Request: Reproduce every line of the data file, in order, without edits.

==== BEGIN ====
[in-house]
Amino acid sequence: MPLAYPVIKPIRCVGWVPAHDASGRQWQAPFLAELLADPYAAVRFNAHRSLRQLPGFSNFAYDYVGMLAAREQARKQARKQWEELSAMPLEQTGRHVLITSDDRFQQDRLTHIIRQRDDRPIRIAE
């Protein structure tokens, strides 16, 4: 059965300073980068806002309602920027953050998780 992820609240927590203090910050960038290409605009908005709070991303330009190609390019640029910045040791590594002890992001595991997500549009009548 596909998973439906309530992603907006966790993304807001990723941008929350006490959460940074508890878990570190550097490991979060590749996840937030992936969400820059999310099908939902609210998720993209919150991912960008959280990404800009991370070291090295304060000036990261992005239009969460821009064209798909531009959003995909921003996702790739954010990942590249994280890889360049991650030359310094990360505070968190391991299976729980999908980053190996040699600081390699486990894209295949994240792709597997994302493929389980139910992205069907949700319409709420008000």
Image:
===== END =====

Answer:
[in-house]
Amino acid sequence: MPLAYPVIKPIRCVGWVPAHDASGRQWQAPFLAELLADPYAAVRFNAHRSLRQLPGFSNFAYDYVGMLAAREQARKQARKQWEELSAMPLEQTGRHVLITSDDRFQQDRLTHIIRQRDDRPIRIAE
């Protein structure tokens, strides 16, 4: 059965300073980068806002309602920027953050998780 992820609240927590203090910050960038290409605009908005709070991303330009190609390019640029910045040791590594002890992001595991997500549009009548 596909998973439906309530992603907006966790993304807001990723941008929350006490959460940074508890878990570190550097490991979060590749996840937030992936969400820059999310099908939902609210998720993209919150991912960008959280990404800009991370070291090295304060000036990261992005239009969460821009064209798909531009959003995909921003996702790739954010990942590249994280890889360049991650030359310094990360505070968190391991299976729980999908980053190996040699600081390699486990894209295949994240792709597997994302493929389980139910992205069907949700319409709420008000």
Image: